On February 27, 2011, the Interactive Advertising Bureau (“IAB”) Board of Directors voted to require its members to adopt industry self-regulatory privacy rules governing online behavioral advertising. Within six months, members must publicly affirm that they will follow self-regulatory principles, which were created in 2009 by the IAB, the American Association of Advertising Agencies, the Association of National Advertisers, and the Direct Marketing Association. Companies that do not comply with the new self-regulatory standards will face a minimum six-month suspension from the IAB.
The new rules: (1) require entities to provide consumers with clear and prominent notices in at least two places, including on the marketers’ websites and within or around the targeted advertisements or another place on the webpage where data is collected, before engaging in cookie-based behavioral targeting; and (2) require entities to obtain consumers’ consent before collecting sensitive personal data, such as financial account numbers, Social Security numbers, or medical information. More information regarding the IAB’s self-regulatory principles is available through the IAB’s website.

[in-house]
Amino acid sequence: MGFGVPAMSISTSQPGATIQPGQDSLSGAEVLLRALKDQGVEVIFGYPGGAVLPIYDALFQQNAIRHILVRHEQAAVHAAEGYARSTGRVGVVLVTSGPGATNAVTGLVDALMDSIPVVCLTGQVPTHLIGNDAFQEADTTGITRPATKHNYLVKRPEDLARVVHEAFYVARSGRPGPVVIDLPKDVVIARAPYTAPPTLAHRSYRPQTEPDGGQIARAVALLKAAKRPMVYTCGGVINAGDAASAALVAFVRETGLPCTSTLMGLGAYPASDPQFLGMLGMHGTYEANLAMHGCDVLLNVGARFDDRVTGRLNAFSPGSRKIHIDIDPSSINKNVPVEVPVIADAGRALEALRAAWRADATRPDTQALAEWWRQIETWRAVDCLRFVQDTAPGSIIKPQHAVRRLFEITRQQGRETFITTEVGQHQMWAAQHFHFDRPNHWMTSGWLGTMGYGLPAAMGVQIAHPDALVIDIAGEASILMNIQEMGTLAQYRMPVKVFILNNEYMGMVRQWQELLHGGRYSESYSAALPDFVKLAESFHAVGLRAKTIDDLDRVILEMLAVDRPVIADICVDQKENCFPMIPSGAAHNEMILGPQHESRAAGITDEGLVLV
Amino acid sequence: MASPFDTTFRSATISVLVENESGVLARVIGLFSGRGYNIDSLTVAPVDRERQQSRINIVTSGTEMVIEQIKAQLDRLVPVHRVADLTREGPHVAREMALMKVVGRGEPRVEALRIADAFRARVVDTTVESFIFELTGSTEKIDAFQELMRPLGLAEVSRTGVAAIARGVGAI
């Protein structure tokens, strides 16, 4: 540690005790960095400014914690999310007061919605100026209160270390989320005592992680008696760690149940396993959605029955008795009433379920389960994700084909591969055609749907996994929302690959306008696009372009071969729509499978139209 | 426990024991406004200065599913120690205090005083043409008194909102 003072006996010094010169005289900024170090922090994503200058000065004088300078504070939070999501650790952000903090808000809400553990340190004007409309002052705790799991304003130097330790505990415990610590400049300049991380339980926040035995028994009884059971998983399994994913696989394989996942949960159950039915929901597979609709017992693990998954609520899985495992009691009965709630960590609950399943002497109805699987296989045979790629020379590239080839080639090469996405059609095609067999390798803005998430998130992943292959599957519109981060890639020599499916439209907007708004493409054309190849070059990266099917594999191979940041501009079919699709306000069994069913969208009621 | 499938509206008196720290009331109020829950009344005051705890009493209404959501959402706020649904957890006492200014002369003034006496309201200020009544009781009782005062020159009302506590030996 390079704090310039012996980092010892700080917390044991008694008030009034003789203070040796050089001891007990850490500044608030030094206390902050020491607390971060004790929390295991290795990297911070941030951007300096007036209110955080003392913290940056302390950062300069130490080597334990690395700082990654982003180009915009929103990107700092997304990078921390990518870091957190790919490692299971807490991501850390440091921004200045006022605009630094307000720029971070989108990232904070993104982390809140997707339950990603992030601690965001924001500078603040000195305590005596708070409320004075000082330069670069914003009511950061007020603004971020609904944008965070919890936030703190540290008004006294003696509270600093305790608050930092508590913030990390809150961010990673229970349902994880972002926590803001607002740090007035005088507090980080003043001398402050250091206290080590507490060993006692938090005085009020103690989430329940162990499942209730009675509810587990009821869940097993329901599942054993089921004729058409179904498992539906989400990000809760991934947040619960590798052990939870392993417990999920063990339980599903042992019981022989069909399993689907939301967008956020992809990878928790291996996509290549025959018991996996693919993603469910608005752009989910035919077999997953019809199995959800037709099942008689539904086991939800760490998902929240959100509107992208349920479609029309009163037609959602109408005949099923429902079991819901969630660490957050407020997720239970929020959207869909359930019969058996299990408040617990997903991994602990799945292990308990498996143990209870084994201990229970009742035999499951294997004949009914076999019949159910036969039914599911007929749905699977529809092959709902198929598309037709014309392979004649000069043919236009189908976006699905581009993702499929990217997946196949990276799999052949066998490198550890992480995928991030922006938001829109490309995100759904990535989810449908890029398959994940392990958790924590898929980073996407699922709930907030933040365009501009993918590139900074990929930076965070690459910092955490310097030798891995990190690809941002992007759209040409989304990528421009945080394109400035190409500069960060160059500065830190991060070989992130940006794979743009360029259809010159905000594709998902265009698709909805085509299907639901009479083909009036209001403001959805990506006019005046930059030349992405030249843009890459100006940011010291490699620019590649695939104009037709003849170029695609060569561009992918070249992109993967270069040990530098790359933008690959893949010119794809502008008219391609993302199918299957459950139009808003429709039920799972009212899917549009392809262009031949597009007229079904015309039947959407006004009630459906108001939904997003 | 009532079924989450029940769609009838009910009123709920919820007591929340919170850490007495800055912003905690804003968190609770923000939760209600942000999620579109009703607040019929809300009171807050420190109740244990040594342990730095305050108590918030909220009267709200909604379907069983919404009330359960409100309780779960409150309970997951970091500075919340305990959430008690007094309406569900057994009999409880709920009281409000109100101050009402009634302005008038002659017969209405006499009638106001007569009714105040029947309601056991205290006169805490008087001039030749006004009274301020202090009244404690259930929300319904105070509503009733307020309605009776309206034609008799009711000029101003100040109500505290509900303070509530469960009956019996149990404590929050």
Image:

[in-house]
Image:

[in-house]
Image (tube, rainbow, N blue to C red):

The IAB’s self-regulatory efforts follow recently introduced legislation designed to regulate marketers’ online tracking activities. The bills include the Do Not Track Me Online Act (H.R. 654) introduced by Representative Jackie Speier (D-CA)–which would allow consumers to opt out of online tracking by marketers–and the Best Practices Act (H.R. 611), an online privacy bill reintroduced by Representative Bobby Rush (D-IL) that would require marketers to obtain consumers’ consent before engaging in online tracking.